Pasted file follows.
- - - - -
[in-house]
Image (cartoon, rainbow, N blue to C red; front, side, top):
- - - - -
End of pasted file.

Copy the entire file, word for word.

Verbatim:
[in-house]
Image (cartoon, rainbow, N blue to C red; front, side, top):